Practical Solutions for Real Problems: Keys to Success in Planning for Accessibility

Practical Solutions for Real Problems: Keys to Success in Planning for Accessibility


C Cleary, C Upfold, London Underground Ltd., UK; N Smith, Centre for Accessible Environments, UK


The paper describes an integrated approach that London Underground Limited is pursuing to enhance its network and achieve success in planning and implementing accessibility improvements. Examples of large and small scale solutions are provided.


London Underground Limited (LU) has made a commitment to "unlock London" by enhancing its existing infrastructure over time, where reasonably practical, to provide a network accessible to all. Each year over 30 million journeys are made by passengers who are disabled, including those with dexterity, sensory and cognitive impairments. Indeed, most of the network was designed and built over 150 years when accessibility was not an important issue in design or construction. The question is, how can the oldest metropolitan railway system in the world, constrained by its limited space and structure, and the potential costs of redesign and reconstruction, achieve success in making accessibility improvements?

The commitment to making accessibility improvements is further complicated by LU's recent adoption of a unique and unprecedented Public Private Partnership (PPP). After many years of under investing, the PPP was created to generate the necessary investment in LU's infrastructure. Within this PPP framework, it is essential that our mutual understanding of accessibility is clear from the start to ensure we work together on a scope of improvements that meet our objectives and legal obligations.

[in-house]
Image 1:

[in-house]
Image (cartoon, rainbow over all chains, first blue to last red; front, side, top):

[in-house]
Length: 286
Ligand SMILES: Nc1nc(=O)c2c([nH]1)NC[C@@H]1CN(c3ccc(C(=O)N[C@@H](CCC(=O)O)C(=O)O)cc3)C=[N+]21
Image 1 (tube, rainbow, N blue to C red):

LU's legal obligation for making accessibility improvements comes from the 1995 UK legislation, the Disability Discrimination Act (DDA). Within this legal framework, LU must make reasonable adjustments to its network and services to comply with accessibility requirements. For this reason, the PPP Contracts are clear on what our suppliers must provide in terms of structural improvements (particularly step-free access). In other areas, the PPP Contracts leave it to suppliers to decide the methods used to improve accessibility, thus encouraging innovative, economic and efficient solutions.

This paper describes an integrated approach that LU is pursuing to confront these challenges and achieve practical solutions in planning and implementing accessibility improvements successfully. The paper features the research findings which led to this approach and presents actual experience in applying the approach. Recent successes in improving designs and making physical improvements at particular stations are explained to demonstrate practical solutions to real problems.

Last year in 2004, LU commissioned the Centre for Accessible Environments to recommend how the delivery of works undertaken in the PPP contracts could be ensured to achieve appropriate accessibility improvements. What lessons could be learnt from past works to influence the upcoming programme of station modernisation and refurbishments and avoid missed opportunities for improving access?